Adolescent Condom Use Consistency over Time: Global Versus Partner-Specific Measures
Published Date:2011 May-Jun
Source:Nurs Res. 60(3 Suppl):S68-S78.
Pubmed Central ID:PMC3205998
Funding:5R01NR008778/NR/NINR NIH HHS/United States
R01 NR008778/NR/NINR NIH HHS/United States
R01 NR008778-05/NR/NINR NIH HHS/United States
T01 CD000185/CD/ODCDC CDC HHS/United States
T80-MC00021/PHS HHS/United States
U48 DP001939/DP/NCCDPHP CDC HHS/United States
The conundrum of measuring condom use consistency, particularly with adolescents, has left researchers with a cacophony of strategies, thereby limiting comparability and interpretation.
The aim of this analysis was to compare and contrast two measures of condom use consistency, global versus partner-specific, and their relationships with key covariates, using trajectory groups differentiated by stability of condom use consistency over three time-points.
Using self-report data from sexually-active girls (ages 13-17 years) in a clinic-based intervention study aimed at lowering risk for early pregnancy, this analysis compared two measures of self-reported condom use consistency: 1) a global measure: overall condom use consistency in the past 6 months, and 2) a partner-specific measure: condom use consistency with the most recent sex partner in the last 6 months. Using a subjective rule-based approach, the adolescent girls in the study (N=151) were classified into trajectory groups representing their condom use consistency at three time-points (baseline, 6, and 12 months). Then, using bivariate methods, trajectory groups were compared on four baseline covariates (age, treatment condition, hormonal use in the last 6 months, number of sex partners in the last 6 months) and three time-varying covariates measured at baseline, 6, and 12 months (hormonal use stability, stability of primary sex partner, stability of number of sex partners).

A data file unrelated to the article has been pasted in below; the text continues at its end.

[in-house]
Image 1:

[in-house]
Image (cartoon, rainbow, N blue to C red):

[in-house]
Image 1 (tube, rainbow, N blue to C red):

For the trajectory groups formed using the global measure of condom use consistency, stability of the primary sex partner differed significantly between trajectory groups. For the partner-specific trajectory groups, two baseline and one time-varying covariate relationships were significant: hormonal use in 6 months prior to baseline, number of sex partners in past 6 months (baseline), and stability of the primary sex partner (time-varying) with hormone use stability (time-varying) trending toward significance.
The larger number of significant covariate relationships with the partner-specific trajectory groups suggests greater utility in assessing partner-linked behavior rather than a global measure. Despite limitations of the analytic strategy, this study sheds light on a measurement conundrum that has been an obstacle to comparing and contrasting indicators of condom use consistency during adolescence.
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